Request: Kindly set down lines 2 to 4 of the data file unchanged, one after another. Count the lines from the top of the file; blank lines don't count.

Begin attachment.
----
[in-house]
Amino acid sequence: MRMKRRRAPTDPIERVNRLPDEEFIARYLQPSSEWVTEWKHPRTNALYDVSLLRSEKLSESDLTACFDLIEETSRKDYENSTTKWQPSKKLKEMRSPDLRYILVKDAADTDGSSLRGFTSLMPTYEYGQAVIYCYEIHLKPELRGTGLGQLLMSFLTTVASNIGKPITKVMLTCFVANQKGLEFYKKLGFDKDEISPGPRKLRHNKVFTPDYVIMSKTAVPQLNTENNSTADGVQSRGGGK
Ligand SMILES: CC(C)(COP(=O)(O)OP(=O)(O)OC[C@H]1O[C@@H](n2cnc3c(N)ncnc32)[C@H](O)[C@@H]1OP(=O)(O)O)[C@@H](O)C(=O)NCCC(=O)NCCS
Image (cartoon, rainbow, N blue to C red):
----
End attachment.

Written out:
Amino acid sequence: MRMKRRRAPTDPIERVNRLPDEEFIARYLQPSSEWVTEWKHPRTNALYDVSLLRSEKLSESDLTACFDLIEETSRKDYENSTTKWQPSKKLKEMRSPDLRYILVKDAADTDGSSLRGFTSLMPTYEYGQAVIYCYEIHLKPELRGTGLGQLLMSFLTTVASNIGKPITKVMLTCFVANQKGLEFYKKLGFDKDEISPGPRKLRHNKVFTPDYVIMSKTAVPQLNTENNSTADGVQSRGGGK
Ligand SMILES: CC(C)(COP(=O)(O)OP(=O)(O)OC[C@H]1O[C@@H](n2cnc3c(N)ncnc32)[C@H](O)[C@@H]1OP(=O)(O)O)[C@@H](O)C(=O)NCCC(=O)NCCS
Image (cartoon, rainbow, N blue to C red):